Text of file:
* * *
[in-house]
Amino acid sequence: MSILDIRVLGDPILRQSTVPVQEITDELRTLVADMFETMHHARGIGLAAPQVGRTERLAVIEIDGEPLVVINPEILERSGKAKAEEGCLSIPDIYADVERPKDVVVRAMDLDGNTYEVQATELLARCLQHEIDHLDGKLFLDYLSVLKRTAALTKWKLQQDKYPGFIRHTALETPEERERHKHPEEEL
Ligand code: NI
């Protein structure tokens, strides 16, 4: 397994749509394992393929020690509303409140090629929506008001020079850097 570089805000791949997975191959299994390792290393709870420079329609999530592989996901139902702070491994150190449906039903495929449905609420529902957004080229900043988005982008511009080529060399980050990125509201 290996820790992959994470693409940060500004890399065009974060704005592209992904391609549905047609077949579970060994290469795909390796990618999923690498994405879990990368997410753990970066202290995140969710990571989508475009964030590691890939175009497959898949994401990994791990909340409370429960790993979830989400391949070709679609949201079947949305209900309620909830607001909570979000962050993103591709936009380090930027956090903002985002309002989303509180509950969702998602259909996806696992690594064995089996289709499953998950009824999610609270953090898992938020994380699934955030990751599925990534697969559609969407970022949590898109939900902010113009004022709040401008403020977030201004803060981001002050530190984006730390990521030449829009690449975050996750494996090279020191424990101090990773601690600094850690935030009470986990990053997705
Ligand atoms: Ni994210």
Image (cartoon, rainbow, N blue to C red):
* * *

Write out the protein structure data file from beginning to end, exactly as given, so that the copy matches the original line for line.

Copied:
[in-house]
Amino acid sequence: MSILDIRVLGDPILRQSTVPVQEITDELRTLVADMFETMHHARGIGLAAPQVGRTERLAVIEIDGEPLVVINPEILERSGKAKAEEGCLSIPDIYADVERPKDVVVRAMDLDGNTYEVQATELLARCLQHEIDHLDGKLFLDYLSVLKRTAALTKWKLQQDKYPGFIRHTALETPEERERHKHPEEEL
Ligand code: NI
């Protein structure tokens, strides 16, 4: 397994749509394992393929020690509303409140090629929506008001020079850097 570089805000791949997975191959299994390792290393709870420079329609999530592989996901139902702070491994150190449906039903495929449905609420529902957004080229900043988005982008511009080529060399980050990125509201 290996820790992959994470693409940060500004890399065009974060704005592209992904391609549905047609077949579970060994290469795909390796990618999923690498994405879990990368997410753990970066202290995140969710990571989508475009964030590691890939175009497959898949994401990994791990909340409370429960790993979830989400391949070709679609949201079947949305209900309620909830607001909570979000962050993103591709936009380090930027956090903002985002309002989303509180509950969702998602259909996806696992690594064995089996289709499953998950009824999610609270953090898992938020994380699934955030990751599925990534697969559609969407970022949590898109939900902010113009004022709040401008403020977030201004803060981001002050530190984006730390990521030449829009690449975050996750494996090279020191424990101090990773601690600094850690935030009470986990990053997705
Ligand atoms: Ni994210």
Image (cartoon, rainbow, N blue to C red):